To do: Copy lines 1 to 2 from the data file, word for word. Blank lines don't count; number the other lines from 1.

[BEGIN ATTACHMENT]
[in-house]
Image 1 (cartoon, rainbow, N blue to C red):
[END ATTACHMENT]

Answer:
[in-house]
Image 1 (cartoon, rainbow, N blue to C red):